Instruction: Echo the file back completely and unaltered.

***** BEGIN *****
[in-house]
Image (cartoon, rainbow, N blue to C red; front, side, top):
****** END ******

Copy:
[in-house]
Image (cartoon, rainbow, N blue to C red; front, side, top):